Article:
What is digital agriculture?
Digital agriculture is the use of digital technology to integrate agricultural production from the paddock to the consumer. These technologies can provide the agricultural industry with tools and information to make more informed decisions and improve productivity.
Trends driving digital technology in agriculture
Victoria’s farmers contribute one third of Australia’s food and fibre exports. Demand for Victorian produced food is set to grow as the world’s population increases from seven billion to almost 10 billion over the next 30 years. A growing global middle class, particularly among our neighbours in Asia, is further bolstering the prospects for food and fibre export growth.
While demand is set to grow, farmers are facing the challenges of a changing climate. Increased temperatures, changes in rainfall patterns, more frequent extreme weather events, and reductions in water availability. In this environment, farmers must continue to innovate to maintain and improve productivity to meet demand.
Digital technologies have the potential to provide farmers with the information and ability to meet these challenges and seize opportunities for growth.
But it is not just about farmers. Consumers both at home and abroad are becoming more informed about the products they buy. They demand high quality and sustainably produced food and fibre and want to know more about where their products come from. Digital technologies can enable improved traceability of agricultural products, providing peace of mind for consumers and increased value for farmers.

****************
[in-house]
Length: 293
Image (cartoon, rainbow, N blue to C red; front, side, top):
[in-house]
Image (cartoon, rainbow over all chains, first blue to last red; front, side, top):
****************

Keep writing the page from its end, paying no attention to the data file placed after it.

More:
Opportunities to lift productivity in the agricultural sector lie in new and emerging technologies such as robotics, new packaging material, biotechnology and digital and wireless technologies for data measurement, weather monitoring, animal monitoring, geospatial monitoring, and precision application of water and chemicals.
Robotics are being introduced to the dairy, poultry and beef farming industries. Applications include autonomous feeding and milking, egg collection and sorting, and autonomous cleaning. These technologies are helping early detection and treatment of animal health issues.
In cropping, less waste and higher yields are being generated by equipment programmed for variable seeding rates and depths based on soil property and moisture data, derived from satellite imagery. Digital infra-red light and heat sensors combined with geographic information system technology in drones are used measure paddock crop health to inform decisions about irrigation, pest management, fertiliser applications and harvesting.
Sensors and electronic identification
Integrated digital animal health biometric sensors and electronic identification devices enable farmers to rapidly respond to cases of animal stress or disease, helping to increase livestock production and improve livestock health.
Case study: New irrigation system for Shepparton East orchard
In 2015, Maurice Silverstein decided to upgrade his irrigation system on his apple and pear orchard at Shepparton East to an automated drip system.
This system allows him to access real time soil moisture readings from sensors across the orchard. This system, which also involved a shift from sprays to drip irrigation, has resulted in more efficient and less water usage. The system also alerts him to problems in the system, such as blockages or leaks and can be controlled by an app on his phone. He can now respond more quickly than if relying on field inspections alone.
Maurice says he can pretty much manage his irrigation system from anywhere so long as he has internet coverage and, while he needs to be close at hand to fix any problems, he now has greater flexibility in how he manages his orchard. This system has allowed Maurice to be more efficient with his time and water.
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